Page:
The Magic Puzzle Company – The Sunny City [Review]

Sunny side up

Location:  at home

Date Played: February 6, 2021

Team size: we recommend 1-4

Duration: ¯\_(ツ)_/¯

Price: about $20

REA Reaction

For our third adventure into The Magic Puzzle Company’s unusual jigsaw puzzles we assembled The Sunny City. This installment had a more muted, mature vibe without the overt playfulness of The Mystic Maze and The Happy Isles. This puzzle felt like it was designed with someone else in mind, and I say that not as judgment, but as a compliment.

Setting aside aesthetics, The Sunny City felt similar to The Happy Isles. Daunting at first glance, these puzzles were cleverly designed such that little details throughout the puzzle made these seemingly similar sections far more approachable than they’d initially appeared… and for me that continued to feel more magical than the actual magical transformations offered by these jigsaw puzzles.

Of the original three puzzles, while this one didn’t speak to me on an emotional level, I can easily imagine folks who would greatly prefer this over the others. Regardless of my sensibilities, I genuinely enjoyed puzzling through The Sunny City. I hope that we see more from The Magic Puzzle Company; I think they are onto something.

Continue reading “The Magic Puzzle Company – The Sunny City [Review]”

The Magic Puzzle Company – The Happy Isles [Review]

Let’s make some happy little islands.

Location:  at home

Date Played: January 9, 2020

Team size: we recommend 1-4

Duration: ¯\_(ツ)_/¯

Price: about $20

REA Reaction

The Happy Isles was a work of sublime genius.

In addition to all of the things that The Magic Puzzle company has done right, they achieved something extra in The Happy Isles. The art was intimidating from a jigsaw puzzling standpoint, but the way it was drawn made it feel subtly solvable. Little details gave away so much information. It was brilliant.

Box art for The Magic Puzzle Company's The Happy Isles 1000 piece jigsaw puzzle.

I highly recommend The Happy Isles. That said, I’d encourage you to solve The Mystic Maze first. They do similarly brilliant things, but I feel confident that The Mystic Maze is the stronger starting place.

When you’re finished with The Mystic Maze, have The Happy Isles waiting for you. Solve them both. They’re great.

Continue reading “The Magic Puzzle Company – The Happy Isles [Review]”

The Magic Puzzle Company – The Mystic Maze [Review]

A child-like imagination is best imagination.

Location:  at home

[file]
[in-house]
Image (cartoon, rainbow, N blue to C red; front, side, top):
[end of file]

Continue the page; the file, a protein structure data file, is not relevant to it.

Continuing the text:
Date Played: December 25, 2020

Team size: we recommend 1-4

Duration: ¯\_(ツ)_/¯

Price: about $20

REA Reaction

I’m having a hard time remembering a jigsaw puzzle that I enjoyed more than The Mystic Maze. There’s no snark in these words, I genuinely love jigsaw puzzles.

Box art for The Magic Puzzle Company's The Mystic Maze 1000 piece jigsaw puzzle.

1,000 pieces can sometimes feel like a slog, and in this instance, that was never the case. The level of detail and variety in The Mystic Maze kept every moment of this puzzling experience fresh from beginning to end… and then again to its second ending.

What I loved most here wasn’t the undeniably high quality of the components or even the magical twist (which was cool); it was the character of this puzzle. I loved the imaginative child that populated each frame with impossible worlds of triumph, excitement, fear, and loss. For me, the best jigsaw puzzles present a highly detailed, emotionally impactful image, and then allow you to experience that world one bit at a time. It’s a special way to take in art, and that was the true magic of The Mystic Maze.

Puzzle closeup of the Mystic Maze
Continue reading “The Magic Puzzle Company – The Mystic Maze [Review]”

The Magic Puzzle Company [Overview]

It’s not just a puzzle. It’s a transformer.

Location:  at home

Date Played: January, 2021

Team size: we recommend 1-4

Duration: ¯\_(ツ)_/¯

Price: $20 per puzzle

REA Reaction

I’m loving what The Magic Puzzle Company is doing. As an avid jigsaw puzzler, I am always on the lookout for puzzles that do a little more than simply ask me to assemble the picture. It’s a difficult challenge and we’ve seen mixed execution.